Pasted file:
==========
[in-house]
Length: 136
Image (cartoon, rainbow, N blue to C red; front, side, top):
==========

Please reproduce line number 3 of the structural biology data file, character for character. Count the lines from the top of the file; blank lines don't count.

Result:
Image (cartoon, rainbow, N blue to C red; front, side, top):